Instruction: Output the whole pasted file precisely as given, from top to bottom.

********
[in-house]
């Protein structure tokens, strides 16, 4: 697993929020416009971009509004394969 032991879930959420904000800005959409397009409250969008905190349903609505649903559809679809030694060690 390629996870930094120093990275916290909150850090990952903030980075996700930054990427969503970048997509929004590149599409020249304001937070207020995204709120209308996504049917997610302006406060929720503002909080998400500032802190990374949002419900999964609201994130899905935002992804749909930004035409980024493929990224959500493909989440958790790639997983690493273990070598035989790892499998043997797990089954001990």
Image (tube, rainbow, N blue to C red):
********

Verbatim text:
[in-house]
């Protein structure tokens, strides 16, 4: 697993929020416009971009509004394969 032991879930959420904000800005959409397009409250969008905190349903609505649903559809679809030694060690 390629996870930094120093990275916290909150850090990952903030980075996700930054990427969503970048997509929004590149599409020249304001937070207020995204709120209308996504049917997610302006406060929720503002909080998400500032802190990374949002419900999964609201994130899905935002992804749909930004035409980024493929990224959500493909989440958790790639997983690493273990070598035989790892499998043997797990089954001990």
Image (tube, rainbow, N blue to C red):